The decision to expand any business into the global marketplace is usually a result of limited growth options at home. The company has already captured as much domestic market share as possible, or developing new products or services is deemed insufficiently profitable. Businesses also tend to follow their competitors into global markets. They make the move hoping to realize some of the same successes and financial rewards.
However, international expansions aren’t free of threats. They can leave companies open to new and unforeseen vulnerabilities.
Achieving global growth means understanding cultural nuances for all operational aspects, including labor markets and advertising. Because of these cultural nuances, mistakes are common. This happens even to big, respected conglomerates at the top of their games. Below are three of the most frequent errors your business should avoid when expanding internationally.
1. Overlooking Local Labor Market Dynamics
Global expansions typically involve hiring local employees and contractors. However, many companies are caught off guard by different employment laws and regulations. These can include everything from how to classify workers to required benefits and payroll taxes. Cultural differences can also impact what type of working conditions, organizational cultures, and management styles workers will tolerate.
The need to hire a mix of remote and onsite international employees can further complicate things. Remote workers who live across political boundaries will still require onboarding, management, and oversight. There may also be language barriers and vastly different expectations and regulations about work-from-home arrangements.
A global workforce report from Remote shows that 30% of business decision-makers are concerned that issues of local compliance will affect their ability to offer remote work options. Differences in labor and tax regulations can slow down or even prevent the hiring of international remote workers. Not understanding these dynamics can also result in expensive fines if authorities discover a business operating out of compliance.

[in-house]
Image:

Some organizations choose to hire a local consultant or manager as a workaround. This is usually someone with vast, in-depth knowledge of the country’s labor and tax laws. While this strategy works great for onsite workers, it’s more difficult to implement with a remote team. Using an international payroll or HR management solution can fulfill the same functions as those of a local manager. These solutions ensure your business stays compliant, even as regulatory changes occur.
2. Skimping on Research
When businesses expand into international markets, it can be due to competitive drive or a desire to capitalize on trends. Oftentimes, though, decision-makers don’t take the time to fully research the country and the local market. Even if a market shows overall economic promise, that doesn’t mean there’s sufficient demand for your company’s products or services. There may also be things about your brand, pricing strategy, or general marketing approach that won’t resonate.
Walmart, for example, is generally considered to be a global success story. The company generates billions in worldwide sales and dominates the big box retail market in the United States. However, Walmart tried its trademark “everyday low prices” strategy in the grocery sector in Japan, but the concept never really caught on. As a result, the company eventually decided to sell its interest in the Seiyu grocery chain.